California Games

aka: Calgames, Jogos de Verão, Rad Games
Moby ID: 1823
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Description official descriptions

California Games was the original "Extreme Games" – what today's generation might call "X-Games in the sun". Players can select sponsors (absent in some versions) and compete in events such as skateboarding, footbag, surfing, roller skating, flying disc (frisbee) and BMX. The surfing event is ranked by judges, which give a score to help the players improve their routine.

The Atari versions (2600 and Lynx) of the game omit the flying disc and roller skating events, while the Genesis version omits only the flying disc event.

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Credits (Commodore 64 version)

12 People

Game Design by
Graphics by
Music by
Copyright for song "Louie, Louie" by
  • Limax Music Inc./American Berry Music



Average score: 75% (based on 59 ratings)


Average score: 3.6 out of 5 (based on 161 ratings with 3 reviews)

It's GREAT to be playing CALIFORNIA GAMES!

The Good
Ahh! No matter on which platform I play California Games, when I START the games I really can't help myself playing 2 or 3 hours at least. California Games is one of my all-time favorites and has a very special place in my humble gaming experience. It's so addictive, so perfect arcade gaming it's GREAT to be playing it!

All events in the game share the same soul of the 80s; being able to compete in events such as BMX and footbag also increase the enjoyment (Yeah, I bet you remember the BMX mania which was back in the days but I never heard "footbag" before until I played California Games!) But of course everyone has their favorite events and for me they were surfing and rollerskating which I played most, I enjoyed most. I really missed the blonde girl in the "surf judge panel" who was always giving me my highest scores and the boy who was whistling for me when I passed slowly in front of him while rollerskating :) And what about skateboarding? I was so talented on it that "Hollywood" in the hills had always dropped one of its letters with my earthquake effect! But to be honest I wasn't so good at flying disk (Frisbee!). You should have seen one of my spectacular jumps over the frisbee which was generally concluded dropping by, to the left of the screen, while frisbee was on its way to the right of the screen!

The Bad
Its sequel was a huge disappointment, unfortunately :(

The Bottom Line
All in all, California Games is the best of Epyx. And I enjoyed almost every minute of it! Surely a classic...

DOS · by Accatone (5191) · 2000

SMS California Games in Better than Genesis Version Shocker

The Good
California Games on the Master System was a gem. It was a game that was intended for multiplayer but was worth playing solo to sharpen your skills. What I like about Cal Games is the simple pick up and playability of it.

All the events on the game were very easy to control and as a result this meant that it was a very competitive game. In the SMS version there are 6 different events in which to partake: Half Pipe, Footbag, Surfing, Skating, BMX & Flying Disk (Frisbee). Each one was very different and very pleasing to play.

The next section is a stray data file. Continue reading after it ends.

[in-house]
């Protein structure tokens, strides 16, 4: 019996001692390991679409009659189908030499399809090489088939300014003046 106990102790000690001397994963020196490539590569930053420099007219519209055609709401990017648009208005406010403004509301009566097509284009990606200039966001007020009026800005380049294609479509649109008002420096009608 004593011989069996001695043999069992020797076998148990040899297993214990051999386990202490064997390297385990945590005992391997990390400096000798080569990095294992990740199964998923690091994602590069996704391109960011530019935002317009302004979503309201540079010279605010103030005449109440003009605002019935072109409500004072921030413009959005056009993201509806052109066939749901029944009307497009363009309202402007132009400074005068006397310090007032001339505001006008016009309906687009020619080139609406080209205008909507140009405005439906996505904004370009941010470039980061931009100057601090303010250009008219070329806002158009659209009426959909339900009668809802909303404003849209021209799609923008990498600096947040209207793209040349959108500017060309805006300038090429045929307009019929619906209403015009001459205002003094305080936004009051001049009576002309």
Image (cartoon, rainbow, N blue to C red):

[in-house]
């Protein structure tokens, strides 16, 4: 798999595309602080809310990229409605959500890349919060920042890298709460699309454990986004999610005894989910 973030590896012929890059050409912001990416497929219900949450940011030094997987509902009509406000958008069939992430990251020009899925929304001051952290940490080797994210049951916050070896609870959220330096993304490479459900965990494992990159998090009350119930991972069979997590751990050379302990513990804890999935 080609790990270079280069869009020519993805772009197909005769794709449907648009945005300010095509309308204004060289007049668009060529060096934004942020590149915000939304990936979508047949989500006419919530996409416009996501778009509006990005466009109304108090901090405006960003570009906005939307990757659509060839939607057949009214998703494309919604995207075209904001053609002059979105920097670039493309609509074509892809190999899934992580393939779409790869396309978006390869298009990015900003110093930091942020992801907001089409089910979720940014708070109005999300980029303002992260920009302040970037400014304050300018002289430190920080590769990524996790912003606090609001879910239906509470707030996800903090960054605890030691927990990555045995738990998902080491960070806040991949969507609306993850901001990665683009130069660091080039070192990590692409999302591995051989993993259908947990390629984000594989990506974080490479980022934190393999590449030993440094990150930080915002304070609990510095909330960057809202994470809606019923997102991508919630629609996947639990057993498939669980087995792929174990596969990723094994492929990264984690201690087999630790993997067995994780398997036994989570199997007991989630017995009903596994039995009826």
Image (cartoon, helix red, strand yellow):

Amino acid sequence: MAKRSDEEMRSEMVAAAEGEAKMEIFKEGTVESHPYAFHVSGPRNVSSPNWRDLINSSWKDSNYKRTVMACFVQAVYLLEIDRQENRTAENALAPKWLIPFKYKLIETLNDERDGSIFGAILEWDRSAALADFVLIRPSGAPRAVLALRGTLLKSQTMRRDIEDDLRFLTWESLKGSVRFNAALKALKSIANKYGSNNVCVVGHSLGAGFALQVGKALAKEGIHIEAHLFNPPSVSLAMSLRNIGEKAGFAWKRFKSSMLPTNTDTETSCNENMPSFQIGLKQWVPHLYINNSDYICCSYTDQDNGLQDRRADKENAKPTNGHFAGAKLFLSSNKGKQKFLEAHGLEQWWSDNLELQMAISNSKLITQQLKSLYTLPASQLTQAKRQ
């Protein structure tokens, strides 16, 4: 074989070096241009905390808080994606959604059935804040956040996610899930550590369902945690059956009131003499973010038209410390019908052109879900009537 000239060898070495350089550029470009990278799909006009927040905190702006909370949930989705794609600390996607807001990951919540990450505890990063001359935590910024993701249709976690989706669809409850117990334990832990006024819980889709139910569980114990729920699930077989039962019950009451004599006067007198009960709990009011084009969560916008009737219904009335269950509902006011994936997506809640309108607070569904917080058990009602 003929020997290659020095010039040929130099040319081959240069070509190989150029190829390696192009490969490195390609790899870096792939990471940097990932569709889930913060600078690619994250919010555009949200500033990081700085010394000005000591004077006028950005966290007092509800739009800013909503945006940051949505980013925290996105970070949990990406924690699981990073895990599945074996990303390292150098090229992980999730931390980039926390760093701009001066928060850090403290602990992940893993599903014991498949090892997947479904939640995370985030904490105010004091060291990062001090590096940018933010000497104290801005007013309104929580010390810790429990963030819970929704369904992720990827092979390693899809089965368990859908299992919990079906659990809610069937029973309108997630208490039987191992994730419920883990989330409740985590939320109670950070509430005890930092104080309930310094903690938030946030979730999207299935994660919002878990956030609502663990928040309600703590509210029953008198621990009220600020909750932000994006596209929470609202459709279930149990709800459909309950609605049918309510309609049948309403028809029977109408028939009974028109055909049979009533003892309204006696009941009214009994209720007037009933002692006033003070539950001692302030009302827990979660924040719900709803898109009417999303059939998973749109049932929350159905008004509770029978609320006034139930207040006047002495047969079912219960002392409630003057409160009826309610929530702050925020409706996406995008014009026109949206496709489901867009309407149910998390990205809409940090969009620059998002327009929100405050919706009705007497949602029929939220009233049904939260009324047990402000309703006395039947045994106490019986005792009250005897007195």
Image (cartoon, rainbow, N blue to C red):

It had advantages over the Genesis/Mega Drive version in that it contained an extra event & was easier to control. The SMS version was more simplified and better off for it. It was no slower than its 16-Bit counterpart and looked very good.

Beating a pre-set high score gave you the chance to 'win' a prize. Golden surfboard, Bike or Footbag. Gaining one of these would make the respective events a lot more interesting as they would have better attributes. For example the Golden BMX could jump higher, allowing for a higher score to be attained.

That feature was really placed to enhance the solo mode. But the multiplayer didn't need them, as it was great fun with a few friends (as many as 9 could compete).

Altogether an accomplished title that still holds up today

The Bad
The surfing section could be a little boring, this was the only event that was better on the Genesis/Mega Drive version

The Bottom Line
If you are looking for a sports game that is a little different, this is it. Fun for one player or more.

SEGA Master System · by Liam Dowds (39) · 2003

This radical game is totally awesome dude!

The Good
Please forgive me for talking like Bill & Ted in my online summary, I just wanted to give an example of the language used in this game. If you didn't know by now, California Games is about extreme sports that became popular in the eighties.

  • The whole eighties extreme sports theme is one of the reasons why this game is fun. It's visible in the gameplay, the cool graphics, the (official) brand names and, as mentioned, in the language. This one simply has style, just look at the cool title screen with the state of California license plate. You just got to love the game's presentation.

  • The game has many nice touches and charming humor: Hitting the seagull with the footbag, the letters of the Hollywood sign falling down, the boy whistling at the girl while roller-skating, the appearance of the dolphin during surfing etc.
  • Great graphics & animation (the surfing event was especially well done) and neta sound effects (always used at the right moments). The music was allright and fortunately it only played before the start of an event, not while you were competing so it didn't distract you (No, I'm not a big fan of PC speaker tunes).
  • Of course Calgames wouldn't have become a classic if it didn't also had great gameplay. Oh boy, Calgames is easily the best of Epyx's Games-series. There are six events: Half-Pipe, Footbag, Roller-Skating, Surfing, Flying Disc and BMX.
    1. All the events are fun to play.
    2. All the events are different (unlike Winter Games with biathlon & cross-country and, yuck, two figure-skating events).
    3. All the events had controls you could actually master (unlike the high-jumping event in Summer Games II or bull-riding in World Games)